• policy;
  • programmes;
  • Barker hypothesis;
  • nutrition;
  • food guidelines;
  • chronic diseases;
  • developing countries;
  • Guatemala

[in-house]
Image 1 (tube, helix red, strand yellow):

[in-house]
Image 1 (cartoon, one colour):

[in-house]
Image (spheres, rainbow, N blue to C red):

Public health policy differs from programme insofar as the former is the expression of goals at a higher decision-making level (international, regional, national or provincial) and the latter involves the execution of intervention measures at the community or individual level. It has recently become fashionable to speak of ‘evidence-based’ policy. There is now ample evidence to suggest that early nutritional influences on chronic disease risk in later life are contributing to the acceleration of the overall worldwide epidemic of obesity and non-transmissible diseases. In developing countries, in which 80% of the world's population resides, the opportunities for preventive policy must be balanced against needs, cost and effectiveness considerations and the intrinsic limitations of policy execution. Not everyone in the population is at risk of suffering from any given negative condition of interest, nor will everyone at risk benefit from any given intervention. Hence, decisions must be made between universal or targeted policies, seeking maximal cost-efficiency, but without sowing the seeds of either discrimination or stigmatization with a non-universal application of benefits. Moreover, although large segments of the covered population may benefit from a public health measure, it may produce adverse and harmful effects on another segment. It is ethically incumbent on policy makers to minimize unintended consequences of public health measures. With respect to the particular case of mothers, fetuses and infants and long-term health, only a limited number of processes are amenable to intervention measures that could be codified in policy and executed as programmes.